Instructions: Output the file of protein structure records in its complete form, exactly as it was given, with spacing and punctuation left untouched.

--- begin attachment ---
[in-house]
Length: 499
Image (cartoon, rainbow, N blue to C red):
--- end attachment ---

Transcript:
[in-house]
Length: 499
Image (cartoon, rainbow, N blue to C red):